The continuously expanding space...  

(Dier Me - middle level)
Installation on 3 levels in an old archival building, The Hague, 1999

A collaboration between Jacqueline Wassen, Gaudi Hoedaya,
Sen McGlinn and Sonja van Kerkhoff.

Dier Me: slide projection
onto papier-mâché animal forms in a niche.

On the other side a slide projector threw words onto suspended papier-mâché animal forms in the niche created by a newspaper wall.

One hung in front of the niche, missing the projection, and functioned like a visual introduction. Another's legs had slipped through the wooden shelf and protruded underneath. Another lay on its side as if in a coma or dead. Another hung in a space by itself at the end by the projection on the wall.

When the wooden knob was pulled, most of the animals moved through the space,
causing changes in the projection.
Here some of the newspaper clippings were articles about the war in Kosovo, market forces, hanging curtains, and a cartoon showing God the father, at a control panel.

   The projected words related to human capacity: "eat", "spirit", "speak", "think", "hope", "dream", "vision".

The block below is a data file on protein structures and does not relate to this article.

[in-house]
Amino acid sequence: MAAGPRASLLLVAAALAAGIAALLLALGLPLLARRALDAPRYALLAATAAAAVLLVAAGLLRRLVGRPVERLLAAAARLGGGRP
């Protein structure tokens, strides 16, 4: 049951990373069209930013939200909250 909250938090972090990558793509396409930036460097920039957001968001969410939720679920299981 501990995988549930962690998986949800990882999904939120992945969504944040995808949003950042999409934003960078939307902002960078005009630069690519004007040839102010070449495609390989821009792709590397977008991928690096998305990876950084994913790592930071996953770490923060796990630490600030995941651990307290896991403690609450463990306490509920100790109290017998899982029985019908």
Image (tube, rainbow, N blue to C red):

At times the words were hard to make out.

One text remained clearly visible on the wall at the far end:  

Deus ex machina
(God appears from behind the scenes)

In contrast the animal´s newspaper skins were a chaos of words, overloaded, meaningless.
We were humanizing these animal forms with words, but the words here were as transient as salt in the hand.

In this little ´theatre´, words are everywhere. We know words, meanings, have no absolute universal referent: we project meanings and receive them back enriched.

The title of this piece, Dier me, is a play combining the Dutch word, ´dier´ (animal) and the English, ´me´, so it reads: ´Dear me´ or ´animal myself´.
In a sense this work is a postmodern response to the awareness of postmodernism. It is an expression of faith in the magic of postmodernist multiplicity rather than of disillusion, regret for a lost utopia of certainties.

Homo ludens (Humans are animals that play)

We wanted this theatre of life and death or of meaning and non-meaning to have a playful element. For most visitors the animals that moved in response were fun and the only words that were accessible to them were the newspaper clippings.

I didn't want to explain what this piece was about. I felt that it could only work for someone if they made the effort themselves. The piece was playful enough and for many visitors that was enough in order for them to spend time with the work.
The Dier me installation before we put up the newspaper wall.

Explaining the work would have not worked.

As in the video, viewers must be aware that they are filtering meaning from the sea.
The continuously expanding space...
Installation on the three top floors of an old archival building